Case Rep Psychiatry 2015 1;2015:120617. Epub 2015 Oct 1.
Department of Psychiatry, College of Medicine, University of Kentucky, Lexington, KY 40509, USA ; University of Kentucky Mental Health Research Center, Eastern State Hospital, Lexington, KY 40511, USA ; Psychiatry and Neurosciences Research Group (CTS-549), Institute of Neurosciences, University of Granada, 18971 Granada, Spain ; Biomedical Research Centre in Mental Health Net (CIBERSAM), Santiago Apóstol Hospital, University of the Basque Country, 01004 Vitoria, Spain.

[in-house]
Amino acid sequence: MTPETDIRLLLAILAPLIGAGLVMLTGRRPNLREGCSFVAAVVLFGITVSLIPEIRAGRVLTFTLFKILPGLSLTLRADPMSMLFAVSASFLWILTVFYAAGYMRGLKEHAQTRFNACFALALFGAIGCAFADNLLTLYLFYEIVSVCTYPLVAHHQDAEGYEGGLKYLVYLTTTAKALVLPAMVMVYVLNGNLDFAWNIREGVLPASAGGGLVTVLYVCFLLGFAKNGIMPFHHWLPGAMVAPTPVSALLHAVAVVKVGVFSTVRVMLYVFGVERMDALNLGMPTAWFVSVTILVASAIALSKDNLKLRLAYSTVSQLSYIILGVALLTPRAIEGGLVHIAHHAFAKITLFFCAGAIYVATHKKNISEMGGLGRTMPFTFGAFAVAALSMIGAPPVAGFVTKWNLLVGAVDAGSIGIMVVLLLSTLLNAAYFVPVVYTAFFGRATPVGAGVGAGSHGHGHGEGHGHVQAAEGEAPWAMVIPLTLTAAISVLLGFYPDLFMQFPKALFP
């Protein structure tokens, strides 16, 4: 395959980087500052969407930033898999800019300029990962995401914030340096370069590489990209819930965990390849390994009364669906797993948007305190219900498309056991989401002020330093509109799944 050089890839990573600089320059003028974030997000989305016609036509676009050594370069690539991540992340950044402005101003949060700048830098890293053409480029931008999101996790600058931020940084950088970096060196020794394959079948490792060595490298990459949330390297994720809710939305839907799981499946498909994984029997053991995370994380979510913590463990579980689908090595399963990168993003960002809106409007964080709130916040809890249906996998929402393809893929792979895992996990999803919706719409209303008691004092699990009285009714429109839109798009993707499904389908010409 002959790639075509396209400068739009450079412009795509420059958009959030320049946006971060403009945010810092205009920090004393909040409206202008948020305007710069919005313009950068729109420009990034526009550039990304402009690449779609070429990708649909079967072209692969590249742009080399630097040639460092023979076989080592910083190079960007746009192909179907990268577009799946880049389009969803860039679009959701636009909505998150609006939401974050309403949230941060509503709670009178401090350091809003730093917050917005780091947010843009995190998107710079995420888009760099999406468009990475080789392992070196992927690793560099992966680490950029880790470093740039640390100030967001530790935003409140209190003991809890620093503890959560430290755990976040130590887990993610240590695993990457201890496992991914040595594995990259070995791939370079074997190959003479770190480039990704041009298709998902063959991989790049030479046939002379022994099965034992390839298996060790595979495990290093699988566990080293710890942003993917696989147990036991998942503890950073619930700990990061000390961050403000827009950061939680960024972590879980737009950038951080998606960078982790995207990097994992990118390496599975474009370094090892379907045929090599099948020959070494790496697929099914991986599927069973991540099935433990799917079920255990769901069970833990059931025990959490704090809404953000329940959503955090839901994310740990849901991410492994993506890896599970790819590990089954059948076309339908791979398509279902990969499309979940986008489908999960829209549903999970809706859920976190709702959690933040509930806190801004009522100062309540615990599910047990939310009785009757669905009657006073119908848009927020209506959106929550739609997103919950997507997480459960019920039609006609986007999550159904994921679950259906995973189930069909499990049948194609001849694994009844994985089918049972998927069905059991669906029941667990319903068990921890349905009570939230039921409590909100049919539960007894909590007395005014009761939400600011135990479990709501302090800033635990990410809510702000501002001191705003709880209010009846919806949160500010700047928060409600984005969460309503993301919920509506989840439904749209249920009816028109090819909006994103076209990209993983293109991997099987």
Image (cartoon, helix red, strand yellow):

Catatonia has been described in children with intellectual disabilities (IDs). These are the first three published cases of catatonia in adults older than 50 years of age with IDs. They were followed using the KANNER scale and, in one case, creatinine phosphokinase (CPK) monitoring. Case 1 is a 67-year-old Caucasian who probably had been having intermittent episodes of undiagnosed catatonia withdrawal for many years. His episodes of agitation and withdrawal behavior responded to lorazepam up to 8 mg/day. Case 2 is a 63-year-old Caucasian male who had probably had undiagnosed catatonic episodes since age 25. An agitation episode that rated 88 on Part 2 of the KANNER scale ended within minutes after he received 1 mg of intramuscular lorazepam. He had no symptom relapses for 4 years after getting stable oral lorazepam doses (3-8.5 mg/day). Case 3 is a 55-year-old African-American male with severe ID and bradycardia (with a pacemaker). He had been "institutionalized" since age 22 and his undiagnosed catatonic episodes appeared to have been intermittently present for at least the last ten years. As he became tolerant and experienced symptom relapse, oral lorazepam was slowly increased (1.5-18 mg/day). Electroconvulsive therapy was ruled out due to his pacemaker.